With the continued impact of inflation on consumer costs, this year’s post-Thanksgiving shopping weekend and Cyber Monday saw spending at a record pace.
For many shoppers, higher costs drove increased spending while others may have been planning to spend more anyway, as reflected in a recent WSFS Bank Money Trends study that found 54% of consumers in the Greater Philadelphia and Delaware region planned to spend the same or more on gifts this holiday season than they did last year.
However, 41% indicated they would spend less on gifts, and nearly half (46%) planned to spend less on dining out during the holidays.
Regardless of how your budget is impacted by rising costs this year, it’s crucial to manage it wisely to keep your finances in good standing.
Here are a few approaches to consider.
Use your mobile phone or device to track spending by setting up a holiday spending plan that can be accessed while on-the-go. There are several ways you can set your plan and tracking up, including using a spreadsheet app or setting up a savings or spending account specifically funded with your holiday budget that you can keep close tabs on from anywhere.
Setting up buckets for each person you are shopping for or for dining out while shopping can also help you move your budget around as you spend, so if you found a great deal for one person’s gift, you may have wiggle room for someone else’s that you can track.
Review Your Accounts’ Policies
Now is an ideal time to check your credit and banking accounts to make sure you are keenly aware of credit limits and useable funds.
For credit card limits, don’t just use the maximum available balance as a guide—that’s what your budget is for. With rising interest rates, this is an especially tricky time to make sure you can pay back what you spend on credit when it is due to avoid costly interest charges.
When managing your bank accounts, make sure you are paying close attention to balances and know your bank’s policies on maximum transfers amounts and overdraft protection and services.
Even with the best money and budget planning, sometimes inadvertent overspending can happen. Some people prefer to have a linked account, like savings or a line of credit, to cover potential overdrafts, while others prefer to enroll in an overdraft service that may initiate a fee, but avoids transactions being declined if sufficient funds are not available.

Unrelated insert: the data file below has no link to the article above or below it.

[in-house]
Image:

Keep in mind that not all overdraft policies and fees are the same. Look for a bank that provides options like no-cost overdraft protection transfers to help you manage your accounts and cover for an overdraft, and that doesn’t charge a fee when they don’t pay from your account due to insufficient funds.
Talk to your banker to determine your options and what works best for your spending habits and budget.
Protect Yourself From Fraud
No matter how you track spending and manage your accounts, keep a close eye on individual transactions online or using your mobile device to identify any potentially fraudulent activity.
When shopping in-person or online use your credit card if you can, as most credit cards provide maximum liability protection for fraudulent transactions. For debit cards, simple things like memorizing your PIN and shielding keypads when using them can help you protect yourself.
Make sure all your antivirus, anti-spyware and browser updates are installed as well before doing any online shopping and accessing your banking and credit accounts.
Finally, set up fraud alerts for your accounts and make sure they come directly to your mobile device so you can stay on top of anything suspicious. And remember, your bank will never call you and ask for your Social Security Number, account number, or passwords.
If you do notice suspicious activity, call the phone number on the back of your debit card, monthly statement or credit card immediately. For more tips on fraud prevention, visit the WSFS Security page.
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